Wednesday, May 9, 2012

Heddles, henna, etc

So I had my hands painted with henna last week, because I was going to a Qatari wedding, and that's what people do. And the best photo I have of both hands turned out to be this one taken while I was making heddles. This is a few days after the henna application - it got darker over the first several days.
It was difficult for me to sit around and not do anything with my hands for over 2 hours the first day.
 I did in fact try to doe some spinning on the wheel, and little bits of blackened, dried henna kept flaking off into my fiber. Some women get the entire surface of their hands and arms done, including palms and fingertips, but I would surely go crazy if I couldn't use even my fingertips for a few hours.
 When it all flaked off, it was red-orange, making quite a contrast to the quilt I was working on - although the leaf shapes are similar.
Trying to photograph my henna'ed hands doing fibery things became a brief obsession, but without much to show for it, until the hub snapped the one at the top.
Meanwhile, I had made a new handspun warp and was eager to set it up, but this one was still on the loom bar,
and I was using my loom bar extension, which is a second bar attached only by rope loops, so it sways out from the table under tension. Due to its mobility, it's not good to have a second, unused warp on there.  (The one above has since been finished and made into a bag, and I could write a tome about this piece, but perhaps not right now. Yes, I cut the fabric at a slight angle to accommodate the widening of the woven strip!)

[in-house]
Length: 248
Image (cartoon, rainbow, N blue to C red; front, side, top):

So, inspired by Emi in Laverne's recent report from her classes in the US, I tested the length of my handspun warp and found it perfect for this setup.
 I don't think I could weave a whole piece this way like Emi, but for the short time it took me to make heddles, this worked well.
Now that I have finished the black and white complementary warp piece, I have both this one and the one in the top photo on my loom bar, Bedouin and Andean side by side.
The piece on the left will have a shajarah motif in the center, using warp substitution, and the handspun has a mayo q'enko pattern in pebble weave. The pebble weave is going faster at the moment, since it's only 8 ends of pickup, while the shajarah is 35. But the nice cotton warp is so much easier to manage while changing sheds that it has its own appeal. I have a young budding weaver visiting my home tomorrow, and these will also make good instructive pieces to demonstrate the different kinds of warp patterning.
And the henna is almost all faded off now.